Emotions run high in many divorces and that is understandable. But divorce legal issues can have a greater and longer-lasting impact on the lives of the parties than the turmoil of the actual break-up. Of course, each situation is unique, but often, California women fill the role of the primary caregiver for the children and either work part-time or not at all. This situation can lead to women, who typically understand the issues to be resolved before the divorce can be final, not fully grasping the bottom line economic realities.
In a California divorce, there are sometimes details that seem insignificant at first that can actually create problems in the short and long term. One of these areas is life insurance. In cases where one spouse is paying child support or alimony, the parties need to think ahead into the future to figure out the proper arrangement.
People in California who are divorcing may prefer to try to negotiate an agreement instead of going to court. However, if one spouse is uncooperative or the two simply cannot reach an agreement about property division and child custody, it may be time to decide whether it is best to agree to a settlement that leaves at least one person unsatisfied or go to litigation.
Parents in California may choose to create a custody schedule that sees a child spend a week with one parent and the next week with the other parent. While that may work out well for the adults, it is unlikely that it will work out well for the children. Younger children generally shouldn't go more than two or three days without seeing both of their parents. Otherwise, they could develop separation anxiety or other emotional problems.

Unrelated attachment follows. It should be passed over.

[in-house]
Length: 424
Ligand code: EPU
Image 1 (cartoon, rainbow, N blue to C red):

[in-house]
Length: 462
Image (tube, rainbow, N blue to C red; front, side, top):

Divorce can happen at any age in California. People whose lives have changed since they got married, have evolved, are not feeling the same as they once did, or simply want something different might move forward with a divorce. For some demographics, this is becoming more common than others. That is the case with people 50 and older.
A 2015 study by the American Sociological Association found that women are more likely than men to initiate divorce. There may be several reasons this is the case. In general, women in California and around the country may seek a divorce because they are less fulfilled by marriage than men are.
Older couples in California may be more vulnerable to divorce than younger couples. As the divorce rate goes down among younger people, it is on the rise among older people, and for people 65 and older, it is three times higher than it was in the 1990s.
For many California couples, their retirement funds are among the largest assets they have. Built up over many years, these accounts can be a major part of the property division process for people who decide to divorce. Many couples have a variety of different retirement funds, including accounts held through each employer or private options like individual retirement accounts. No matter whose name these funds are held in, they are typically considered marital property. If people had their accounts before they married, it may be important to calculate the growth of the asset after the date of marriage.
Lots of people in California and across the country are familiar with how prenuptial agreements work. These legally binding documents are signed before marriage and help to protect each partner's assets in case of separation or divorce. Postnuptial agreements are not as well known.
There are a whole host of reasons why a couple may choose to end their marriage. Disputes over money are a driving force behind many divorces, but so is infidelity. While the exact cause of a marriage dissolution may not seem that important when you get down to brass tacks, the truth of the matter is that it can play a significant role in how certain legal issues, like spousal support, are resolved.